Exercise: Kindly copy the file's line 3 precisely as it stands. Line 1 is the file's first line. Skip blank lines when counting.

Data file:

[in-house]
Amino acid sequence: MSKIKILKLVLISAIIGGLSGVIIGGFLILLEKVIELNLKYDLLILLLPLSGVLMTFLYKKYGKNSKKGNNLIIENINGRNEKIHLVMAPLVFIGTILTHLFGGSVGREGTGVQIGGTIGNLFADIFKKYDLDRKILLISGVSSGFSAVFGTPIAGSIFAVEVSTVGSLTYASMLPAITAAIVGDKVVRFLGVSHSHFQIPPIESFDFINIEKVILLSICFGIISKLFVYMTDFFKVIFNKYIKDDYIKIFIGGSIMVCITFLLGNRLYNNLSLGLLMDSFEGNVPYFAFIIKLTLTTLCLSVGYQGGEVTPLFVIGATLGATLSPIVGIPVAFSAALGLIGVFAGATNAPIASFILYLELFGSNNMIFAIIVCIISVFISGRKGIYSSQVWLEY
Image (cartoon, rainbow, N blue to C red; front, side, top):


Image (cartoon, rainbow, N blue to C red; front, side, top):